The Trollingers describe the Museum, a long-time dream of Ken Ham, as the “crown jewel of the AiG apologetics enterprise” that shows Christians how to understand our role in the highly secular modern world (13). The primary message of the Museum is not actually about the age of the Earth or evolution per se, but the need to preach a particular version of the gospel to unbelievers. Where the traditional Christian message always tries to balance God’s love, grace, and forgiveness on the one hand, with God's justice and judgment on the other, the Museum definitely leans strongly toward the latter. Except for a short film presentation, The Last Adam, Jesus is a relatively minor player in the Museum. He is infrequently quoted, and in the opinion of the authors, the traditional Christian message of love and grace is under-emphasized. Rather, “the essential continuity presented” at the Museum is this: “God gives the Word; humans disobey it; God is obliged to punish them” (49). The present world simply reiterates the sins of the past, and the whole Museum presents this gospel as rooted in the true history found in the literal Bible.
What about science? The authors explain the standard YEC distinction between historical (subjective) science versus observational (objective) science—which YECs use to keep the conclusions of natural history from refuting their interpretation of Genesis—and then apply it cleverly to critique some of the pro-YEC information on display in the Museum. For example, the room devoted to Flood Geology features some facts from observational science about the deposition of detritus by river floods, using “a small catastrophe in the present … as a mini-analogy for a global one in the distant past.” Is that analogy valid, given that “the very first placard visitors encounter” in that room denies Charles Lyell’s dictum that the present is the key to the past? (90-91) It’s a very good question.
As for the Bible, the Museum certainly emphasizes the Reformation idea of sola Scriptura (the Bible alone). Indeed, Ham’s organization places the Bible above all other sources of knowledge. According to AiG’s Statement of Faith, “By definition, no apparent, perceived or claimed evidence in any field, including history and chronology, can be valid if it contradicts the scriptural record. Of primary importance is the fact that evidence is always subject to interpretation by fallible people who do not possess all information.” However, as the Trollingers point out, the Reformation actually “yielded an endless variety of theologies and practices,” in spite of Martin Luther’s rock bottom belief that the Bible speaks clearly to all who read it. Each group claims to have “the true word of God,” but “none has been able to control the proliferation of its meaning.” Nevertheless, “this has not stopped efforts to arrest the flow of interpretations, to freeze for all time the One True Interpretation. Enter young Earth creationism, and the Creation Museum” (111). Ham and his Museum “cannot acknowledge they are presenting an interpretation, nor can they consider the possibility that other interpretations—including other conservative Protestant interpretations—of Genesis might be correct” (136).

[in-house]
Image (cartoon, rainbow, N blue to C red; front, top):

The Museum’s messages about Genesis and science are packaged alongside dire portrayals of the decline of Western society. Visitors pass through rooms called Graffiti Alley, where headlines show “how society has gone awry in our world after the Bible lost its place in the public square,” and Culture in Crisis, about the disintegration of families and churches as a result of accepting “millions of years” of Earth history, before arriving at the 6 Day Theater and Wonders Room. Not long after that, visitors encounter Cain and Abel--and “a large placard entitled, ‘Where Did Cain Get His Wife?’” That old question finds an answer. Citing Genesis 5:4 (“And the days of Adam after he had begotten Seth were eight hundred years: and he begat sons and daughters:”), the placard teaches that “brothers had to marry sisters” at least for several generations after Adam and Eve, because there were no other people around to marry, as AiG explains more fully here. I have to agree with the Trollingers: “Even in the context of the Creation Museum, this is one strange placard” (177).
This display at the Creation Museum shows how the wrecking ball of “MILLIONS OF YEARS” destroys a church, which can be rebuilt only by making “God’s Word” the real foundation, starting “at the beginning, six thousand years ago.”